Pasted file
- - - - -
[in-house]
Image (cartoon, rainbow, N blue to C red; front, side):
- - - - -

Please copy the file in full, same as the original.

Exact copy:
[in-house]
Image (cartoon, rainbow, N blue to C red; front, side):